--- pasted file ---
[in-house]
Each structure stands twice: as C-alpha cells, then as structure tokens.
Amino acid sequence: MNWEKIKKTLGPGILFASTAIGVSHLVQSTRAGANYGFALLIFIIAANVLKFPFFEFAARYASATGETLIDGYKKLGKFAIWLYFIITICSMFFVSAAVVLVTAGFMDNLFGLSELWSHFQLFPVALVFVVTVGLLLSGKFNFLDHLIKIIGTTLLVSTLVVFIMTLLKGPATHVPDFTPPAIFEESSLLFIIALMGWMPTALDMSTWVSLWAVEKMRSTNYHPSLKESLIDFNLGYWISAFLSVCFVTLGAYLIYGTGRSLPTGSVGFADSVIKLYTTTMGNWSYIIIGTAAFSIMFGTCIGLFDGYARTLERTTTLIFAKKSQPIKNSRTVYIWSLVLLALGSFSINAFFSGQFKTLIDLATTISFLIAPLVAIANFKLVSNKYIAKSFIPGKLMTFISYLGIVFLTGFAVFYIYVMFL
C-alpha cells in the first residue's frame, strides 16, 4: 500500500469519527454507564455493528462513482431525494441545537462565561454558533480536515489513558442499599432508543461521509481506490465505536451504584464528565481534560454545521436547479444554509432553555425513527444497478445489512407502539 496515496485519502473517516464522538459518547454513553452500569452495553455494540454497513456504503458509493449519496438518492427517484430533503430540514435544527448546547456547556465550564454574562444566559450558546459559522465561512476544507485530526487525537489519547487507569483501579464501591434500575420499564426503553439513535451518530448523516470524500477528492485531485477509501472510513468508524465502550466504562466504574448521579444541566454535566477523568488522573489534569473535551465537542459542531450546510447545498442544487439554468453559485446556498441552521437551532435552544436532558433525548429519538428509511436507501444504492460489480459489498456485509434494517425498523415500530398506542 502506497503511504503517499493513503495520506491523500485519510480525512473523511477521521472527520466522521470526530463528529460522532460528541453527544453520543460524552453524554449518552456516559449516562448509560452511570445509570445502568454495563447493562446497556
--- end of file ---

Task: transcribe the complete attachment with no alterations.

[in-house]
Each structure stands twice: as C-alpha cells, then as structure tokens.
Amino acid sequence: MNWEKIKKTLGPGILFASTAIGVSHLVQSTRAGANYGFALLIFIIAANVLKFPFFEFAARYASATGETLIDGYKKLGKFAIWLYFIITICSMFFVSAAVVLVTAGFMDNLFGLSELWSHFQLFPVALVFVVTVGLLLSGKFNFLDHLIKIIGTTLLVSTLVVFIMTLLKGPATHVPDFTPPAIFEESSLLFIIALMGWMPTALDMSTWVSLWAVEKMRSTNYHPSLKESLIDFNLGYWISAFLSVCFVTLGAYLIYGTGRSLPTGSVGFADSVIKLYTTTMGNWSYIIIGTAAFSIMFGTCIGLFDGYARTLERTTTLIFAKKSQPIKNSRTVYIWSLVLLALGSFSINAFFSGQFKTLIDLATTISFLIAPLVAIANFKLVSNKYIAKSFIPGKLMTFISYLGIVFLTGFAVFYIYVMFL
C-alpha cells in the first residue's frame, strides 16, 4: 500500500469519527454507564455493528462513482431525494441545537462565561454558533480536515489513558442499599432508543461521509481506490465505536451504584464528565481534560454545521436547479444554509432553555425513527444497478445489512407502539 496515496485519502473517516464522538459518547454513553452500569452495553455494540454497513456504503458509493449519496438518492427517484430533503430540514435544527448546547456547556465550564454574562444566559450558546459559522465561512476544507485530526487525537489519547487507569483501579464501591434500575420499564426503553439513535451518530448523516470524500477528492485531485477509501472510513468508524465502550466504562466504574448521579444541566454535566477523568488522573489534569473535551465537542459542531450546510447545498442544487439554468453559485446556498441552521437551532435552544436532558433525548429519538428509511436507501444504492460489480459489498456485509434494517425498523415500530398506542 502506497503511504503517499493513503495520506491523500485519510480525512473523511477521521472527520466522521470526530463528529460522532460528541453527544453520543460524552453524554449518552456516559449516562448509560452511570445509570445502568454495563447493562446497556